The Kosher Gourmet by Steve Petusevsky Exploring ingredients as edible-stuffed containers (TWO RECIPES + TIPS & TECHINQUES)

Jewish World Review May 21, 2010 / 8 Sivan 5770

The Golden Age of Centrism Wasn't So Golden

By Michael Barone




http://www.JewishWorldReview.com | Laments about polarization are filling the air — or at least that part of the air in which friends and family members have political discussions. It has been widely noted that every Republican member of Congress has a voting record to the right of every Democrat and every Democrat is to the left of every Republican. There is no partisan overlap anymore.

This is bemoaned by celebrators of centrism, who look back to a golden age when there were lots of liberal Republicans and conservative Democrats.

The funny thing is, when you look back to that time in mid-century America, the decades on either side of 1950, high-minded thinkers didn't like that partisan muddle at all.

Mid-century political scientists disliked the ideological incoherence of the two political parties. It would be better, they argued, to have one party clearly liberal and the other clearly conservative. Then voters would have a real choice and could be confident about the consequences of their votes.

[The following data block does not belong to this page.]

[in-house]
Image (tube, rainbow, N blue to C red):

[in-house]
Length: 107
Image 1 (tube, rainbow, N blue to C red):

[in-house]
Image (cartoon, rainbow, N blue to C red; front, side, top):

Political scientists then as now were mostly Democrats, and they evidently hoped that the Democratic Party would emerge as the clearly liberal party and that it would continue to be as successful as it was in winning the five presidential elections in the 1930s and 1940s.

They were writing at a time when Americans were not polarized by the cultural issues that have raged in recent years. Abortion was a crime in every state. Homosexuality was not mentioned in polite company. Everybody partook of the same uncontroversial popular culture in movies and on radio and television.

But there was one great polarization in mid-century America, and it contributed significantly to the partisan muddle: the divide between North and South. Southern states had laws imposing racial segregation, and many didn't allow blacks to vote. The North had no such laws and, except for wartime and postwar migration to major cities and factory towns, had few blacks.

Southern whites voted solidly Democratic, but their officeholders were conservative on issues like civil rights and federal aid programs. That's why there were so many conservative Democrats in Congress. More Republicans than Democrats voted for civil rights laws, and some Republicans supported extending New Deal programs. So there were quite a few liberal Republicans, as well.